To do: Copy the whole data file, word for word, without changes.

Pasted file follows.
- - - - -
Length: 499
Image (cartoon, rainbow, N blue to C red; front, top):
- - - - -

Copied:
Length: 499
Image (cartoon, rainbow, N blue to C red; front, top):